WHO trains 2800 health care providers to respond to gender-based violence
Kabul 12 September 2017 – “I have been working as a midwife for 7 years but I didn’t know much about gender-based violence (GBV) before this training. Now I feel more prepared when GBV survivors come to the clinic to seek help,” says midwife Fatima, sitting at her desk at a treatment room in a small health centre in the Shiber district of Bamyan province.
Gender-based violence, rooted in entrenched gender equality, is ubiquitous in Afghanistan. While data on GBV is scarce, according to a Global Rights study conducted in 2008, around 87% of Afghan women experience at least one form of GBV in their lifetime. WHO estimates that globally around 1 in 3 women have experienced either physical and/or sexual intimate partner violence or non-partner sexual violence.
The health sector plays an import ant role in responding to different forms of gender-based violence, including physical, sexual and emotional violence that all can have devastating consequences for physical, psychological and reproductive health.
Building skills, changing attitudes
WHO, with the support of USAID and the Italian Development Cooperation, is training over 6500 health care providers in all 34 provinces on how to properly manage cases of GBV, including physical, sexual and psychological violence. A GBV treatment protocol for health care providers, developed by the Ministry of Public Health and WHO with the support of UN Women in 2014, is being implemented across Afghanistan’s health facilities.
“So far we have trained over 2800 nurses, doctors and midwives on the GBV protocol in 7 provinces and are moving on to the next phase of the programme to cover 14 more provinces over the next 2 years,” said Dr Sharifullah Haqmal, manager of the GBV programme at WHO. “We have seen positive changes in health care providers’ knowledge and attitudes in the target provinces. The training is making a difference.”
The comprehensive 5-day training covers issues such as how to identify GBV, maintaining key principles of confidentiality and privacy and offering basic psychosocial support. The GBV Protocol training also covers physical and genital examinations and the clinical management of rape, burns and wounds. Training workshops are complemented by on-the-job training and mentoring at health facilities.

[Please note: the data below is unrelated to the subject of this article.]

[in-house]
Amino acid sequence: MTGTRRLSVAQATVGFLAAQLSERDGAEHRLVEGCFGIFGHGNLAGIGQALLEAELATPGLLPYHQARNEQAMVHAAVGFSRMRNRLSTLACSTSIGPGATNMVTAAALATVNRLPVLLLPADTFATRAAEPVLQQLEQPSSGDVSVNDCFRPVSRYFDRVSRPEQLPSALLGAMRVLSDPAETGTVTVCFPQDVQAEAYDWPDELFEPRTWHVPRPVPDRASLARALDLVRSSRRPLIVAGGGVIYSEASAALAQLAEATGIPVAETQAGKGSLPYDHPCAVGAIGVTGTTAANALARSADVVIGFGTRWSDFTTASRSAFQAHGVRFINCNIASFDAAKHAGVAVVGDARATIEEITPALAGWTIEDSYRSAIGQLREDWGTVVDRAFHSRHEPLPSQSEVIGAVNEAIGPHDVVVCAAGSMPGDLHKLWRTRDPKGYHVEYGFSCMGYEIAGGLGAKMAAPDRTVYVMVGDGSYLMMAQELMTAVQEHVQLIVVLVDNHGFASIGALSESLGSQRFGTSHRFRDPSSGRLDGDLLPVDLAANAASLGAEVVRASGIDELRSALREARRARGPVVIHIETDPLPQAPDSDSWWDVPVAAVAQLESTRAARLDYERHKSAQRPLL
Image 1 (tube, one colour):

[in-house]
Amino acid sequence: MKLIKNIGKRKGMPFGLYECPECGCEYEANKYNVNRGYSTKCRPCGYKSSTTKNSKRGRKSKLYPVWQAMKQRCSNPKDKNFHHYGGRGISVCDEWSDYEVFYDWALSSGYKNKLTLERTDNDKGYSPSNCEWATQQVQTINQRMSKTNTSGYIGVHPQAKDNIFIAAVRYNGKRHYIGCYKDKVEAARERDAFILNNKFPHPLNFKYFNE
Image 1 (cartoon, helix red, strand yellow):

“After receiving the training, I can now identify GBV, offer treatment and referrals,” says midwife Fatima.
Dr Naiima has worked as a medical doctor at Herat Regional Hospital for over 9 years.
“I see many different types of violence against women in my work. There are suicide attempts, often through self-immolation (burning). I also see many women come in with wounds caused by knives or weapons, and also child marriages are common,” Dr Naiima says.
“Through the training, I have learned the role that health care providers should play in addressing GBV. We should respect confidentiality and safety at all times and not judge, but to listen and give information and treat survivors according to the protocol,” she says.
Health care providers are often the first point of contact for GBV survivors, making it essential that they can respond appropriately and safely.
“In the WHO training I learned about giving messages to survivors that highlight that they are not alone and that help is available. We are not here to judge but to offer support,” said Dr Mohammad Mohammadi, 36, a paediatric specialist in the Yakawlang District Hospital in Bamyan.